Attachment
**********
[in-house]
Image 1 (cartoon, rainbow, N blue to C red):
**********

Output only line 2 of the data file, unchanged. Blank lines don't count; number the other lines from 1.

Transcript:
Image 1 (cartoon, rainbow, N blue to C red):